Jaybird is Birdmojo on Xbox Live and Jaybirdmojo on Playstation's network. He's been playing consoles since the Atari 2600 and it was Zork that taught him how to touch-type. If you've got a song for Wednesday, a commercial for Saturday, a recommendation for Tuesday, an essay for Monday, or, heck, just a handful a questions, fire off an email to

Related Post Roulette

19 Responses

  1. Brandon Berg says:

    Shadows of Mordor is free on Steam through the end of the weekend, so I’m taking that for a spin, even though I really ought to be brushing up on C++.Report

    • Brandon Berg in reply to Brandon Berg says:

      More years ago then I’d like to admit, I had a job developing software in C++. We didn’t use STL, though; we had our own libraries. I always wondered why.

      Now I know.Report

      • Doctor Jay in reply to Brandon Berg says:

        I sort of love STL. But it probably matters that I got to listen to talks by Alex Stepanov (the guy who invented it) and worked with Matt Austern, the guy who wrote one of the first books about it. There’s a very steep learning curve there.

        However, that is way OT.Report

    • Nevermoor in reply to Brandon Berg says:

      That’s a GREAT game. Had a lot of fun with it. It does, however, suffer from some pretty OP end-game abilities.Report

    • Jaybird in reply to Brandon Berg says:

      I loved that game. I didn’t quite cotton to it at first… but when I had my own personal nemesis kill me five or six times and got stronger each time? When I *FINALLY* killed him, I crowed and had to pause the game so I could tell Maribou about it.Report

      • Brandon Berg in reply to Jaybird says:

        I liked it enough to pay the $10, but I’m finding the large trash packs to be a bit tedious, given that it takes about a dozen hits to down a single enemy. I get that it’s largely a stealth game, and that having to fight them all is kind of a punishment for failing at stealth, which would be fine if it weren’t for the fact that the stealth button doesn’t work on a toggle basis, but needs to be held down continuously.Report

  2. Nevermoor says:

    I’m playing XCom 2 from the steam sale. I figure if I liked Invisible but thought it was too short…

    Pretty intense gameplay, well worth the $10-15 it costReport

    • Jaybird in reply to Nevermoor says:

      Yeah, I’ve got an upcoming Saturday! dealing with it.

      One of the lines I’m tinkering with: “It’s one of the rare sequels that makes you see the first game as merely a tutorial for the real one.”Report

      • El Muneco in reply to Jaybird says:

        I’ll probably do a replay after the expansion comes out in a couple months. Since they didn’t follow the WoW model of just adding endgame content, making a fresh start with all the changes ahead of me seems more efficient.Report

    • Fish in reply to Nevermoor says:

      I’m about to restart on Commander difficulty. My last run ended when the Viper King showed up on three missions in a row–the first two being my attempts to win the Black Site mission (failed the first time). Winning that mission cost me eight soldiers and necessitated one of the greatest escapes I’ve ever executed in the game. But losing that many soldiers left me in a death spiral which was going to be difficult to pull out of, so imagine my consternation when the supposedly dead Viper King showed up on the very next mission! Yeah, um…so I’m restarting and I’m going to disable the Alien Hunters DLC.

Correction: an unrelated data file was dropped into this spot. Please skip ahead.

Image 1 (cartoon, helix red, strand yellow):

I still love this game, though, no matter how badly it treats me sometimes.Report

  3. Doctor Jay says:

    I’m playing an early-release game (on Steam) called Northgard. It’s sort of a 4X strategy game cross pollinated with an RTS game. I’m having a hard time with it, but in a good way. It’s early-access but seems pretty polished to me.Report

  4. Fish says:

    The announcement of new DLC for XCOM 2, War of the Chosen, has me playing that again. A bunch of new mission types, a new faction for XCOM to ally with, new enemies include some kind of zombie-adjacent enemy called The Lost, which are the remnants of the human population of Earth’s cities and are drawn to the sounds of combat, apparently attacking everyone. Really looking forward to it, and not at all disappointed that they’re staying away from Terror From The Deep (not sarcasm–that frakking game was HARD).Report

  5. Damon says:

    I’m nearly done with Fallout 4. I’ve been spending some time doing misc. achievements. Taking a break from questing. Got all my magazines and bobbleheads.Report

  6. El Muneco says:

    Did I mention reinstalling No One Lives Forever last.weekend? It’s surprisingly playable at something close to modern resolutions for a game of its vintage, and it’s still a classic of the genre.

    Rock Paper Shotgun gave a pointer to an abandonware site, which might not have been shut down yet. But it installs from the original discs if you can find them (the edition I have even came with an audio CD of the excellent musical score).Report

  7. Silver Wolf says:

    I enjoyed chasing shadows but I find Gemcraft: Labyrinth is even better. I play on armor games so it’s free.Report

  8. North says:

    War for the Overworld. It’s the Dungeon Keeper that isn’t Dungeon Keeper but since the real DK property was purchased, tarted up in prostitutes makeup and sent to be a fremium whore on the corner WFTO is the spiritual successor to DK2.
    It’s good, like genuinely good, but the new critters are missing… something… that DK2 had. I don’t know what it is. The DK2 critters just had more… character? Maybe it’s just nostalgia.Report

    • Kimmi in reply to North says:

      Oh, Dungeon Keeper. The game that relied on bugs in windows to work right… (to be fair, it meant it ran faster like that). Can’t even be run reliably in an emulator, let alone other versions of windows.

      Tried Guild of Dungeoneering? A friend of mine did voicework for that one.Report